Best Foods For Baby (and What To Avoid)

It’s an exciting milestone when baby is ready for solids. But what should you feed him or her in the first year? The options are almost endless, but you can’t go wrong with these healthy choices.

When it comes to feeding baby, there’s no “Top 10” list of super foods for moms to print out, stick on the fridge and stick to. (Sorry!) But experts agree that limiting your little one to a few “best” foods in her first year (or any year, for that matter) would actually do her a disservice.

Bananas

Bananas are full of carbohydrates, which provide sustained energy, as well as fiber to support a healthy digestive tract. They’re a perfectly portable baby food, as they come in their own easy-to-peel packaging. When serving bananas to young babies, make sure they are ripe and thoroughly mashed. Older babies can eat chopped bananas as finger food, but they should also be ripe so they’re easy for young eaters to mash and chew.

Sweet Potatoes

Sweet potatoes are a good source of potassium, vitamin C, and fiber and an excellent source of beta-carotene, an antioxidant that helps prevent certain types of cancer and mops up free radicals. Most babies prefer sweet potatoes over other vegetables because of their naturally sweet taste. When cooked and mashed, sweet potatoes make a smooth puree that’s easy to eat, even for babies who are just starting the to transition to solid foods.

Best Age for Sweet Potatoes: Six months and older

Avocados

Avocados are sometimes thought of as a vegetable, but they are actually a fruit! They also contain more nutrients than any of their food-group kin. Avocados have the highest protein content of any fruit and are rich in monounsaturated fat — the “good” type of fat that helps prevent heart disease. Make sure you only serve Baby ripe avocados. Wash the outside, then remove the peel and mash well. Since they’re high in fat, avocados can quickly make your baby feel full, so just serve a little on the side with other foods, such as meat or chicken purees.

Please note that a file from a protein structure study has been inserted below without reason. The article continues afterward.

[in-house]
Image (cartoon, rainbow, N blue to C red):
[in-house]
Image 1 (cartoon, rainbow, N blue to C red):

Best Age for Sweet Potatoes: Six months and older

Meat

Meat—like chicken, lamb or beef—is an excellent source of protein, as well as iron, riboflavin, niacin, vitamin B6 and zinc. Just make sure it’s pureed to a smooth texture. Try mixing the pureed meat with breast milk and a favorite veggie puree if you’re preparing it yourself, or buy plain pureed jarred meats.

Best Age for Meat: 7 to 10 months and older

Yogurt

Plain (not vanilla) whole-milk yogurt is another protein-rich option for baby—plus, it contains calcium and beneficial live active cultures.

Best Age for Yogurt: Nine months and older

 

A FEW FIRST YEAR NO-NOS

Honey

Tempted to sweeten up baby’s bland pear sauce with a touch of honey? Don’t.  The tummies of babies under age one simply can’t deactivate the botulism spores that might be in honey. So avoid this food until baby has passed his or her first birthday.

Nuts and Peanuts

You can introduce small amounts of creamy—not chunky—peanut butter when your child is one year old (try spreading a thin layer on a cracker), but avoid nuts in whole form until he or she is 4 years old to prevent choking.

Cow’s Milk

Babies just can’t easily digest cow’s milk, which is one reason why experts recommend waiting until the one-year mark before offering it.

 

 

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